Bioethics 28 (1):153-161 (2014)

Authors
J. Adam Carter
University of Glasgow
Emma C. Gordon
University of Glasgow
Abstract
In a series of recent works, Julian Savulescu and Ingmar Persson insist that, given the ease by which irreversible destruction is achievable by a morally wicked minority, (i) strictly cognitive bio-enhancement is currently too risky, while (ii) moral bio-enhancement is plausibly morally mandatory (and urgently so). This article aims to show that the proposal Savulescu and Persson advance relies on several problematic assumptions about the separability of cognitive and moral enhancement as distinct aims. Specifically, we propose that the underpinnings of Savulescu's and Persson's normative argument unravel once it is suitably clear how aiming to cognitively enhance an individual will in part require that one aim to bring about certain moral goods we show to be essential to cognitive flourishing; conversely, aiming to bring about moral enhancement in an individual must involve aiming to improve certain cognitive capacities we show to be essential to moral flourishing. After developing these points in some detail, and their implication for Savulescu's & Persson's proposal, we conclude by outlining some positive suggestions.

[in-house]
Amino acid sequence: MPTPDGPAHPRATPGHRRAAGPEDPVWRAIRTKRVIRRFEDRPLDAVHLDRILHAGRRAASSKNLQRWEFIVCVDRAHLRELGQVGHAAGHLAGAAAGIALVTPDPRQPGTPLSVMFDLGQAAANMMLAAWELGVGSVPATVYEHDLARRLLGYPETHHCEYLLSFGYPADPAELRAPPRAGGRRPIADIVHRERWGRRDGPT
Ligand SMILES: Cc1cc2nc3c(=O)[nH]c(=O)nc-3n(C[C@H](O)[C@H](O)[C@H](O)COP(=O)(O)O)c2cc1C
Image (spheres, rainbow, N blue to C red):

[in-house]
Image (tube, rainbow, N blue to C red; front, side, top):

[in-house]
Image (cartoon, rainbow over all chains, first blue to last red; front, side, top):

Keywords moral enhancement  cogntive enhancement
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Reprint years 2015
DOI 10.1111/bioe.12076
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References found in this work BETA

Virtue Ethics.Rosalind Hursthouse & Glen Pettigrove - 2009 - Stanford Encyclopedia of Philosophy.
Knowledge, Understanding and Epistemic Value.Duncan Pritchard - 2009 - Royal Institute of Philosophy Supplement 64:19-43.
Upheavals of Thought. The Intelligence of Emotions.Martha C. Nussbaum - 2003 - Tijdschrift Voor Filosofie 65 (1):174-175.

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Citations of this work BETA

The Epistemology of Cognitive Enhancement.J. Adam Carter & Duncan Pritchard - 2016 - Journal of Medicine and Philosophy (2):220-242.

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